Instrument assisted soft tissue mobilization, or more commonly known as IASTM, is the use of tools to assess tissue quality and to treat areas identified to have scar tissue, soft tissue restrictions, chronic inflammation or degeneration.
Common diagnosis treated with IASTM include plantar fasicitis, tendinitis, carpal tunnel, and IT Band syndrome. IASTM is said to be the modern evolution from Traditional Chinese Medicine called Gua Sha, however Gua Sha was not used to treat muscle, tendon or soft tissue conditions, as it was traditionally used to remove bad energy through the skin.3 The IASTM used today was derived from the Cyriax cross-friction massage developed by Dr. James Cyriax, better known as the father of orthopedic medicine. He was a British orthopedic surgeon whose work has had great influence in the fields of sports medicine and physical therapy.1
There are many different versions of IASTM out there these days. Tools are typically made of stainless steel or hard plastic and designed to contour the shape of the body. Graston Technique®, Astym® and HawkGrips® are a few of the tools making up much of the news these days.
The therapist applies firm pressure to the tool as the tool glides across the tissue in a scrapping fashion. A lubricant of some sort, typically lotion, is used to allow the tools to glide across the skin more freely.
The instruments work to comb through soft tissue restrictions and scar tissue, producing microtrauma to the affected tissue. This stimulates a local inflammatory process, initiating reabsorption of unhealthy tissue and promoting tissue remodeling and healthy tissue production.1 Soft tissue restrictions can occur following surgery. These restrictions can also develop from overuse, such as running, throwing, repeated motions at work, or even prolonged postures sitting at a desk. Likewise, they can develop with lack of use, as may be the case with prolonged splinting or bracing.
The first controlled research study looking at IASTM was published in 1997.1 Since that time there has been an abundance of work published supporting the use of IASTM for treatment of various conditions.
Research supports the idea that IASTM may have an impact on physiological changes by providing an increase in blood flow, reduction in tissue viscosity, myofascial release, interruption of pain receptors, and improvement of flexibility of underlying tissue. It is suggested that IASTM is an effective treatment intervention for reducing pain and improving function in less than a three-month period.5
In one study, participants with chronic plantar fascitis significantly improved in three of the five variables measured over a six week treatment of Graston Technique®, as compared to those that received massage and those that did not receive treatment at all. The study showed that IASTM with Graston Technique® and plantar fascia-specific stretching was effective in decreasing pain and improving foot function in patients with chronic plantar fascitis. Participants were tested before and after treatment to determine effect on foot pain, function and health. Improvements were noted in all three categories for those participants receiving Graston Technique®.2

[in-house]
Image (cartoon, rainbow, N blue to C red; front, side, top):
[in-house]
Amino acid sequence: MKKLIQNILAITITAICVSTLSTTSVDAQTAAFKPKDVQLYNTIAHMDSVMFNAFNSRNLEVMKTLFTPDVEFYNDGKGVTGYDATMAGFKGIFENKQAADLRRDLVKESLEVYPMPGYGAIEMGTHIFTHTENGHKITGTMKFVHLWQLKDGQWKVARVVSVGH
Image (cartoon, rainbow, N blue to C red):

Another study found that IASTM to the back of the shoulder can help to increase passive shoulder range of motion in collegiate baseball players.4 Research has also shown benefits include improving range of motion in uninjured individuals as well as pain and patient reported function in both injured and uninjured patients.1
At Athletico, we have therapists that are trained to safely and effectively treat the aforementioned conditions with IASTM, either with Graston Technique®, Astym® or HawkGrips® tools. IASTM is just one of the many manual therapy tools in a physical therapist’s tool box that can be used to treat pain. If you think you would benefit from IASTM, contact your local Athletico and speak to a physical therapist to learn more.
The Athletico blog is an educational resource written by Athletico employees. Athletico bloggers are licensed professionals who abide by the code of ethics outlined by their respective professional associations. The content published in blog posts represents the opinion of the individual author based on their expertise and experience. The content provided in this blog is for informational purposes only, does not constitute medical advice and should not be relied on for making personal health decisions.
1. Cristina B. Seffrin, MS, LAT, ATC, et al. “Instrument-Assisted Soft Tissue Mobilization: A Systematic Review and Effect-Size Analysis.” Journal of Athletic Training (2019).
2. Garrett TR, Neibert PJ. “Effect of Graston Technique as a Treatment for Patients with Chronic Plantar Fasciosis: A Rendomized Controlled Trial.” Journal of Athletic Training 9.3 (2014): 57-58.
3. Instrument Assisted Soft Tissue Mobilization. n.d. 22 December 2019. <https://www.physio-pedia.com/Instrument_Assisted_Soft_Tissue_Mobilization>.
4. Kevin Laudner, PhD, ATC, et al. “ACUTE EFFECTS OF INSTRUMENT ASSISTED SOFT TISSUE MOBILIZATION FOR IMPROVING POSTERIOR SHOULDER RANGE OF MOTION IN COLLEGIATE BASEBALL PLAYERS.” International Journal of Sports Physical Therapy (2014): 1-7.
5. Lamber, Matthew, et al. “The effects of instrument-assisted soft tissue mobilization compared to other interventions on pain and function: a systematic review.” Physical Therapy Reviews 22.1-2 (2017).